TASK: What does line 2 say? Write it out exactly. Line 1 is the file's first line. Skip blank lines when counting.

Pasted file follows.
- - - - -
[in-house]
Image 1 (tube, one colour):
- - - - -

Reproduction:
Image 1 (tube, one colour):